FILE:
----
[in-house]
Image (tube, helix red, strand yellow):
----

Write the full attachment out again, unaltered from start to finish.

[in-house]
Image (tube, helix red, strand yellow):